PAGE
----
The Coalbrookdale Doctors
Dr. Richard Moore

cover They were years of unprecedented progress in industry, society, democracy, education and science, but of war in Europe, America and at sea. The last decades of the Eighteenth and first of the Nineteenth Centuries saw changes that ushered in the modern world.
Nowhere more so than in the Shropshire village of Coalbrookdale where, perhaps more than anywhere else at this date, technical innovation led to the use of iron in bridges, buildings, sea-going ships, steam engines and railways.
But also in the world of medicine, Coalbrookdale was subject to radical change as scientific discoveries brought new attitudes and a better understanding of life and disease.
Throughout this momentous period, three generations of one family ran a medical practice in Coalbrookdale.

Published:1st Feb 2015
Paperback:198 pages
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Dr Richard Moore’s exhaustive research has uncovered how this medical family skilfully adopted advances in knowledge, developed their education and played their part in creating the profession of General Practitioner as we know it today. This original account demonstrates how, in the microcosm of Coalbrookdale, the experiences of one family mirror the democratic, social, industrial and scientific changes of the early Industrial Revolution.

Dr. Richard Moore is a fellow of the Royal College of General Practitioners and a sometime examiner for the MRCGP, its membership examination. He was in practice in Shrewsbury for more than thirty years. His first book was Leeches to Lasers (Morrigan 2002), the story of seven (now nine) generations of his family as doctors. In 2009 he was awarded a PhD at the University of Birmingham for a thesis titled Competitors for Custom, on the development of medical practice in 18th and 19th century Shropshire. His last book was titled Shropshire Doctors and Quacks (Amberley 2011).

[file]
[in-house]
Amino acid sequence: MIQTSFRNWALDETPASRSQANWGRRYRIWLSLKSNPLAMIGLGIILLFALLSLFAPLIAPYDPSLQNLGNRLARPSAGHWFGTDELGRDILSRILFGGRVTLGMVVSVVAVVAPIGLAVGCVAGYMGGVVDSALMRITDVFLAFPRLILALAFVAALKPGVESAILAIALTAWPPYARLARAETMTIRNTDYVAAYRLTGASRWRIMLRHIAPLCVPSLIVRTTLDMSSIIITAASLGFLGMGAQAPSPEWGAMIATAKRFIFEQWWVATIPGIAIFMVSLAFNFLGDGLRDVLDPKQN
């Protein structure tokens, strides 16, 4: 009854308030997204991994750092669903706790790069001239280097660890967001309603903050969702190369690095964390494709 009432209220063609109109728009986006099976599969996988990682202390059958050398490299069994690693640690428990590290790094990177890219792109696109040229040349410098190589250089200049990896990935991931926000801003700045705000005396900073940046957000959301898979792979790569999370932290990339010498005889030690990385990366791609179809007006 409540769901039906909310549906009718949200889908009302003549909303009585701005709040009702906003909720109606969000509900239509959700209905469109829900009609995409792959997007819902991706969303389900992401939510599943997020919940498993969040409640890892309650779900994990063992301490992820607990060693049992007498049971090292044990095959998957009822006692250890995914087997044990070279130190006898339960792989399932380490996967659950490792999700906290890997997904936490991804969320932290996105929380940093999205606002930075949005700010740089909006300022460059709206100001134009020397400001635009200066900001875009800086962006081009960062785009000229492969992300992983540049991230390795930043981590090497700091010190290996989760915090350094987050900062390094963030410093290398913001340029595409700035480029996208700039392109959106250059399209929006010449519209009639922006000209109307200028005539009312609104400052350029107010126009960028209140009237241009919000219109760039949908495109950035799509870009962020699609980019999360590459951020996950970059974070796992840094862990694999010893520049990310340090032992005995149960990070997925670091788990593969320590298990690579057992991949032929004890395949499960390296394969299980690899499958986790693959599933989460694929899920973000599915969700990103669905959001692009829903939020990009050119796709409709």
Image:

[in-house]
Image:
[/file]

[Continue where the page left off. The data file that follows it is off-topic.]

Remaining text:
Michael Darby, descendant of Abraham Darby
It gives me much pleasure to commend this book that describes so well the transition in Coalbrookdale from the work of the apothecary-surgeons to doctors “… at the dawn of the modern medical profession”

Jonathan Reinharz, Professor of Medicine, University of Birmingham, in Midland History
There is enough of interest in these pages to satisfy anyone desiring a glimpse into the history of general practice over a century which saw significant changes introduced to both medical training and therapies. It is also recommended to regional historians, especially anyone with an interest in Shropshire and, of course, the Ironbridge Gorge.